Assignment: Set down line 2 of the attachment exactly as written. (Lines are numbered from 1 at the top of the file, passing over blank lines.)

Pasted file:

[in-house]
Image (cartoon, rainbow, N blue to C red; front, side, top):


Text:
Image (cartoon, rainbow, N blue to C red; front, side, top):